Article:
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Publication numberUS4755037 A
Publication typeGrant
Application numberUS 07/037,462
Publication dateJul 5, 1988
Filing dateApr 13, 1987
Priority dateApr 13, 1987
Fee statusPaid
Publication number037462, 07037462, US 4755037 A, US 4755037A, US-A-4755037, US4755037 A, US4755037A
InventorsHarvey C. Bjornlie, Timothy E. Clark
Original AssigneeMcdonnell Douglas Corporation
Export CitationBiBTeX, EndNote, RefMan
External Links: USPTO, USPTO Assignment, Espacenet
Fiber optic coupler
US 4755037 A
A fiber optic coupler is provided having first and second optical fibers fused together along a predetermined length having fused tapered ends for the input and output of optical energy and a constant diameter section therebetween to facilitate coupling of optical energy between the first and second optical fibers. The constant diameter section provides a higher efficient coupling action and a stronger, more rugged coupler.
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What we claim is:
1. A method of producing a fiber optic coupler, comprising:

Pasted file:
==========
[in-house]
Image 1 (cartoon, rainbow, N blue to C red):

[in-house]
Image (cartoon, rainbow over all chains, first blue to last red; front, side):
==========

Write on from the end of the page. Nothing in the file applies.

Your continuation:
(a) stripping away the protective jacket and cleaning at least two fiber optic waveguides;
(b) placing the stripped and cleaned sections of the waveguides longitudinally side by side in intimate contact under slight tension;
(c) heating the fiber optic waveguides along the longitudinally placed sections to cause the outer cladding materials to fuse and melt together; and
(d) reheating and stretching the fused waveguides differentially forming a reduced cylindrical constant diameter coupling region at the midsection of the fused waveguides.

This invention relates generally to single-mode fiber couplers, and more particularly to single-mode fiber couplers wherein the coupling ratio is determined by the taper length and the diameter of the coupler structure in the fused coupling region.

A fused fiber optic coupler consists of two or more adjacent optical fibers, that are joined by heating to form a common region. Optical coupling is the phenomenon which transfers transmitted light from one fiber to another fiber in this common region. The amount of light transferred is determined by the length of the coupling region and the distance separating the cores of two fibers in this region. Light transfer is increased by increasing the coupling length and reducing the core separation distance. Low loss access biconical tapered couplers are described in U.S. Pat. No. 4,291,940 entitled "LOW-LOSS ACCESS COUPLER FOR MULTI-MODE OPTICAL FIBER DISTRIBUTION APPARATUS" wherein biconical taper sections of the fibers are fused together to provide optical coupling between the fibers. Also in U.S. Pat. No. 4,392,712 entitled "LIGHT DISTRIBUTOR" an optical coupler is provided with a plurality of optical fibers each having a tapered portion, and the tapered portion of the fibers are thermally fused together to form a light mixing section where the cores of the fibers are packed together in a single cladding.